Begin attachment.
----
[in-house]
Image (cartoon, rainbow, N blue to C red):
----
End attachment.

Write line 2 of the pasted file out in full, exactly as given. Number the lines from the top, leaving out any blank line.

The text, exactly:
Image (cartoon, rainbow, N blue to C red):